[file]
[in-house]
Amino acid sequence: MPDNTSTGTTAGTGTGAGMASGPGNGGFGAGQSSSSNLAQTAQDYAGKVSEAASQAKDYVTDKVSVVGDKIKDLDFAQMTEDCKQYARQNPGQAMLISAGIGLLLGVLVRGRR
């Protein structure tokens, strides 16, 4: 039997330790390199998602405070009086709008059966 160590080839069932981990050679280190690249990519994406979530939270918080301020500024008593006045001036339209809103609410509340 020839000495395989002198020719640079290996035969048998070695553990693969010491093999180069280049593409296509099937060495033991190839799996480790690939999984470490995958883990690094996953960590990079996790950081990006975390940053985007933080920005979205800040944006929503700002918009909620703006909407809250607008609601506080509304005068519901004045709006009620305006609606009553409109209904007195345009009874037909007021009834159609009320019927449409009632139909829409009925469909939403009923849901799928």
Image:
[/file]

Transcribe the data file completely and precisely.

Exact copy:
[in-house]
Amino acid sequence: MPDNTSTGTTAGTGTGAGMASGPGNGGFGAGQSSSSNLAQTAQDYAGKVSEAASQAKDYVTDKVSVVGDKIKDLDFAQMTEDCKQYARQNPGQAMLISAGIGLLLGVLVRGRR
């Protein structure tokens, strides 16, 4: 039997330790390199998602405070009086709008059966 160590080839069932981990050679280190690249990519994406979530939270918080301020500024008593006045001036339209809103609410509340 020839000495395989002198020719640079290996035969048998070695553990693969010491093999180069280049593409296509099937060495033991190839799996480790690939999984470490995958883990690094996953960590990079996790950081990006975390940053985007933080920005979205800040944006929503700002918009909620703006909407809250607008609601506080509304005068519901004045709006009620305006609606009553409109209904007195345009009874037909007021009834159609009320019927449409009632139909829409009925469909939403009923849901799928």
Image: